8. “Learning that times with family and friends don’t need to be about food. Conversation is the heart of these times. I don’t need to eat to be social.” — Elizabeth W.

9. “I became an author and had two books published because gastroparesis forced me to have to quit working at 25 and pushed me to send in my books. I also found out how much my family and husband truly love me. I am blessed despite gastroparesis and all it has taken from me.” — Kristen G.

10. “Our whole family is eating healthier.” — Jennifer F.

11. “It’s made me more vocal about what I need and it’s shown me who is really there for me.” — Stephanie D.

12. “I never take my good days for granted. In the two years since sepsis threatened to take me down, I have gone skydiving, whale watching, learned to snowboard, rode an elephant through a jungle in Thailand, piloted a helicopter, went on an 8,300-mile road trip by myself, took ice skating lessons, have spent countless days hiking, kayaking, camping, jet skiing, etc. Before I always wanted to do these things but kept putting them off. Now I live very much in the present.” — Erika H.

13. “I’ve learned that I’m stronger and more resilient than I thought I was. I take pride in that.” — Sarah-Jayne E.

14. “I’ve learned how to be an even better caregiver from all of my experience as a patient.” — Rachel B.

15. “It’s changed my life in good and bad ways. In bad ways, I don’t get to go to every place we eat anymore, and I can’t go out with my friends every Sunday evening. In good ways, I’ve learned that I am a strong person, and I’ve learned not to judge everyone with an invisible illness.” — Nicole K.

Thank you all for your feedback. We know that it isn’t always easy to find something positive about being sick, but that you have nonetheless, is inspiring.

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Laughter and stories filled the dining room each evening as my family spent quality time together eating dinner with each other. This summer was extra special because we had all four wonderful kids with us so the table was full with their innocent voices and sweet hearts. While everyone was enjoying their meal and talking about their day, on this particular night I sat in my yellow chair in unbearable pain. I was in a daze hoping this wave of intense stomach pain would pass, but it was apparent it was going to be one of those tough nights.

 

As the chatter continued, I silently stood up and removed myself from the table to escape to the kitchen so I could hide from my family so they would not see how much pain I was in. As badly as I wanted to be present with them, my instincts told me I needed to step away… the kids do not need to see me struggling.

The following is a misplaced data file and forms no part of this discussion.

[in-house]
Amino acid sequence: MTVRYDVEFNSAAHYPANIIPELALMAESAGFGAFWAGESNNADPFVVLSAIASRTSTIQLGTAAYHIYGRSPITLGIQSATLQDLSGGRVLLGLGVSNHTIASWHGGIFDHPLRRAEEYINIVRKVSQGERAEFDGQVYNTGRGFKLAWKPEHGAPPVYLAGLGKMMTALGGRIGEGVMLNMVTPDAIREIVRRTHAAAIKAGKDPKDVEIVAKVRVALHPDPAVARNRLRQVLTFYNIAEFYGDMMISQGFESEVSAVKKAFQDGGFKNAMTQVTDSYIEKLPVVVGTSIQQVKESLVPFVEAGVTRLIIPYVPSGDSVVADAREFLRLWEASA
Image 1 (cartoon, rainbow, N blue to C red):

Once there, I gripped onto the kitchen counter with my arms straight as a board trying to brace myself from the extreme pain and discomfort from tonight’s plain meal. My stomach was hard as a rock and I was bloated out like I was four months pregnant. My stomach organ felt like it was being tightly twisted and being rung out like an old dish towel. All I could think about was wanting to rip out my stomach and lay in a fetal position there on the cold tile floor.

black and white photo of woman's hands gripping tiled counter

Instead of attacking myself further, I dropped my head between my arms and began to breathe. By changing my focus from the agonizing pain to my breaths, it helped prevent my mind from escalating to all the “what ifs.” I tightly held onto the white tiled counter for five minutes taking deep breaths in and exhaling the pain from my abdomen. Mentally I was trying to tell myself I can and will get through this episode… it always passes. I just needed to stay strong.

Unfortunately, my meditative breaths did not help so my next option was to try to walk it out. My hunched over body went outside and moved at a sloths pace to the end of the street and back to try to help my vascular system pump my blood back to my struggling organ. My walk did me no good and I soon was found dry heaving in the cold shower for 10 minutes. Once the wave of nausea passed, it took with it my last drop of energy. I had nothing left in me and had hit my max limit of exhaustion and fatigue. My body was done. It had used up every ounce of energy to fight this ugly internal battle.

This episode happened because I struggle with a stomach condition called gastroparesis (GP) which affects my body’s ability to digest food normally. The word gastroparesis literally means “paralyzed stomach.” Since I developed this condition as a result of postural orthostatic tachycardia syndrome (POTS), I have formed a love-hate relationship with food, but mostly hate. Every time I consume something, fear is in my mind that once that item reaches my stomach the extended list of symptoms such as nausea, dry heaving, extreme bloating, gut-wrenching pain and uncomfortableness all could happen. My fingers are constantly crossed hoping that each time I fuel my body, it will accept the food without a fight.

Living with this condition can be very isolating and frustrating, especially when I am around people who do not have food intolerances. I would give anything to have one symptom-free day to indulge in all the unhealthy tasty foods and drinks my old self used to love. Unfortunately, that is not my reality and I have to eat extremely clean, have self-control and stay away from my long list of “no foods” to try to keep my awful symptoms at bay. I am still coming to terms with not being able to live like every other normal human, but I know that too will come with time.

Out of all the medical conditions I struggle with, gastroparesis is the one that scares me the most because it is so unpredictable. It can rear its ugly head at any moment, and it is in charge of how long it will be destructive, which could mean life or death.